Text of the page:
Common Genetic Variants and Gene-Expression Changes Associated with Bipolar Disorder Are Over-Represented in Brain Signaling Pathway Genes

Medical Research Council Social, Genetic and Developmental Psychiatry Centre, Institute of Psychiatry, King's College London, London, United Kingdom.
Biological psychiatry (Impact Factor: 10.26). 04/2012; 72(4):311-7. DOI: 10.1016/j.biopsych.2011.12.031
Source: PubMed


Despite high heritability, the genetic variants influencing bipolar disorder (BD) susceptibility remain largely unknown. Low statistical power to detect the small effect-size alleles believed to underlie much of the genetic risk and possible heterogeneity between cohorts are an increasing concern. Integrative biology approaches might offer advantages over genetic analysis alone by combining different genomic datasets at the higher level of biological processes rather than the level of specific genetic variants or genes. We employed this strategy to identify biological processes involved in BD etiopathology.
Three genome-wide association studies and a brain gene-expression study were combined with the Human Protein Reference Database protein-protein interaction network data. We used bioinformatic analysis to search for biological networks with evidence of association on the basis of enrichment among both genetic and differential-expression associations with BD.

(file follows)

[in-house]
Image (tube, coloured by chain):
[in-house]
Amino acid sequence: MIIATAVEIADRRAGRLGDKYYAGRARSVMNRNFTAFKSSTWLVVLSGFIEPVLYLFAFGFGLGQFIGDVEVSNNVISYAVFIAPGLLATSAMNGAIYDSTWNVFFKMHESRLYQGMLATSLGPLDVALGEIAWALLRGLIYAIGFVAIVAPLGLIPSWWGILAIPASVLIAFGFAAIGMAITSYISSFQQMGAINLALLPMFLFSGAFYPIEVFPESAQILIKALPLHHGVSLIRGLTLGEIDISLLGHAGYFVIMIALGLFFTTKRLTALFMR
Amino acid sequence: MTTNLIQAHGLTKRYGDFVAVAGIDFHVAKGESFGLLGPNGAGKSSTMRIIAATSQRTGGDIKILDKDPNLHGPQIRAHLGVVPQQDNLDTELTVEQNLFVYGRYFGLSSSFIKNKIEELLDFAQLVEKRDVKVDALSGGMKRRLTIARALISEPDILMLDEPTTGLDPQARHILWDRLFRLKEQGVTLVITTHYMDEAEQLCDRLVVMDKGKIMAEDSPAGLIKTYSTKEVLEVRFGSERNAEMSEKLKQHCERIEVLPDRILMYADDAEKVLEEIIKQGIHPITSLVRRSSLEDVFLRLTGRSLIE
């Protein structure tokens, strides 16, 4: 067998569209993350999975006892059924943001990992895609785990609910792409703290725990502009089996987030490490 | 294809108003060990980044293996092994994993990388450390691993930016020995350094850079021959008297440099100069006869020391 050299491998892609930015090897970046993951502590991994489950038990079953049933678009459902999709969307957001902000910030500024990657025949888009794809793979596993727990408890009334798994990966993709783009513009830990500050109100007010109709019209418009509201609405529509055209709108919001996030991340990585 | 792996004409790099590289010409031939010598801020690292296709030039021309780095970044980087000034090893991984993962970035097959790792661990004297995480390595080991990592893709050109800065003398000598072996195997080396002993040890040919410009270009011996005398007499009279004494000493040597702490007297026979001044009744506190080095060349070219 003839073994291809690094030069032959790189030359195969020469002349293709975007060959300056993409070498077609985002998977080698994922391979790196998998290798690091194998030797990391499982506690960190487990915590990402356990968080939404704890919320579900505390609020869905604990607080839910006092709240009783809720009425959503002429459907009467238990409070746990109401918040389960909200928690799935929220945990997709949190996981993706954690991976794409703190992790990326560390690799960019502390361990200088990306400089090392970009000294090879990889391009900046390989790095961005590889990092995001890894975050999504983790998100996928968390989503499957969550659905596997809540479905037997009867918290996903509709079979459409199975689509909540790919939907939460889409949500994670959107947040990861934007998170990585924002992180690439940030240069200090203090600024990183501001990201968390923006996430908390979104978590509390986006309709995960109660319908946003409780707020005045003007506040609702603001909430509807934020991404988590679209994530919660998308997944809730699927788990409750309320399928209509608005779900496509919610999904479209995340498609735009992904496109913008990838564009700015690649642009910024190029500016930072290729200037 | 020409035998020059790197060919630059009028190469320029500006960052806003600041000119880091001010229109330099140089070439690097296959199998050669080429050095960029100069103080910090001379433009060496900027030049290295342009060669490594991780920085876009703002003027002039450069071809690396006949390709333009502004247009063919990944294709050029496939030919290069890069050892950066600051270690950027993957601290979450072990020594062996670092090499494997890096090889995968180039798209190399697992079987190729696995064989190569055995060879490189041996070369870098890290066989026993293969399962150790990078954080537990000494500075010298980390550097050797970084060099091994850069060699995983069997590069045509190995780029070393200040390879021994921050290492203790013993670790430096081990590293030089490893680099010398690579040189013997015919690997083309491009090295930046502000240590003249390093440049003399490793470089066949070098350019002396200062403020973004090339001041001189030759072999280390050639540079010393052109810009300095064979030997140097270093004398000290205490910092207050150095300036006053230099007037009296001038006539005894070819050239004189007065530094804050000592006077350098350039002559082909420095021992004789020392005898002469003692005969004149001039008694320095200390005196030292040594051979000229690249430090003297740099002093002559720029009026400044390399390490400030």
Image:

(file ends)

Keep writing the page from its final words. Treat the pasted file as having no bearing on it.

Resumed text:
We identified association with gene networks involved in transmission of nerve impulse, Wnt, and Notch signaling. Three features stand out among these genes: 1) they localized to the human postsynaptic density, which is crucial for neuronal function; 2) their mouse knockouts present altered behavioral phenotypes; and 3) some are known targets of the pharmacological treatments for BD.
Genetic and gene-expression associations of BD cluster in discrete regions of the protein-protein interaction network. We found replicated evidence for association for networks involving several interlinked signaling pathways. These genes are promising candidates to generate animal models and pharmacological interventions. Our results demonstrate the potential advantage of integrative biology analyses of BD datasets.

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    • "Therefore, the putative involvement of PSD proteins in synaptic plasticity rearrangements secondary to dopamine–glutamate interplay makes this complex machinery appealing for the investigation of its possible contribution to BD treatment approaches. Results from genetic and gene-expression studies seem to corroborate this view, describing a possible association of susceptibility to BD with polymorphisms in postsynaptic density genes (Pedroso et al., 2012). These data open the field to the investigation of new therapeutic strategies in BD that could target molecules within the PSD subserving multiple post-receptor signalling cascades. "
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